I recently got my masters degree in television directing. For my masters project I had to conceptualise a video series and make one episode.
The episode I made is about engineered pandemics and what we can do to help prevent them.
I was thinking of making a longer EA forum post where I'd get more into detail about the process and the results, but this made me postpone sharing it here altogether. So I think the better approach may be to just answer your questions instead.
I know about infohazards, so I discussed the script with a couple of people who had written on the topic before publishing the video.
I've recently tried to share bits of the video on my Twitter and will continue doing so, but at the moment it has had very little impact on the views.
Hi! Just watched the video and I think it's super well produced, good job.
I was surprised how you managed to summarise a lot of the knowledge I already had on this topic in under 15 minutes.
Furthermore, I have talked to lots of people who mentioned that EA seems underrepresented in video format. YouTube seems like a good opportunity here that could be used more. Regarding this, I think this is valuable work. Also I like that you didn't give it the Effective Altruism "stamp". There should be more discussion on when it's appropriate to publicly advertise EA as a concept and when it's better to just introduce a topic we're concerned about without explicitely relating it to EA. This is related to the idea of external movement building:
Thank you! There is actually a longer version of my video (that I didn't publish) where I mention the EA longterm future fund and quickly pitch EA itself. But I decided to cut out that part because I already share it in a link in the description and it didn't add a lot to the central claims of the video. It would've made the video longer and lose its focus.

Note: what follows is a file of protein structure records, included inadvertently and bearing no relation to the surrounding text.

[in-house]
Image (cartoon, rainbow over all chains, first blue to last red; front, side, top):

"I think the argument for extinction level events from artificial pathogens is profoundly weak. These complex systems--things like transmissibility, lethality--that's a hard thing to predict, to actually engineer. Just ask yourself how hard is it for record labels to predict which songs are going to be a hit. Until it hits the market, there's really no where to know. And that's a relatively simple situation, which pathogen is going to be immunologically a hit. You might have dialed in this little detail just a little bit wrong--oh it killed the patient too fast to transmit it."
This sounded like an improvised answer instead of a succinct summary of the strongest argument against extinction level events being likely--which I think would have been a more ideal thing to include in the video.
In particular, Michael's answer leads me to wonder how he knows that future technological developments wouldn't make it much easier to predict which pathogens would "immunologically be a hit" and yet the video doesn't tell me.
Or a second objection: Why, given a long enough time horizon, wouldn't the possibility of a bad actor engineering many, many pathogens until one of them finally hits wouldn't be a concern?
I hadn't been expecting a professional narrator (at least, I assume that's not your voice, unless you were born to narrate YouTube videos). He does sound a little bit matter-of-fact in some places (like he's trying to sell me a product instead of expounding on the wonders of scientific development), but I think his presence is still a strong net positive.
A few notes -- I'm avoiding tiny notes for things not worth editing, but thinking about ways to improve future videos:
When you mention the drop in extreme poverty being reversed, I think it comes on pretty suddenly. Many or most people don't actually know that poverty was quickly falling. When you have good news to share (even in the context of bad news), I think it's important to make that clear -- a big part of EA's appeal is that we've actually been seeing things get better.
The "Al Qaeda pursuing bioterrorism" point had no real detail and no clear external source. If you don't have time to get into something like that, consider making sure it shows up in a "sources" document you include alongside the video.
Things I really liked:
The graph lines moving around when you were comparing an engineered to a natural pandemic -- very simple, very clear visual!
Same goes for the graphic showing how bioweapons can easily backfire.
The really high proportion of the video dedicated to solutions -- that's not typical of this genre, but it really feeds into the EA spirit of the project.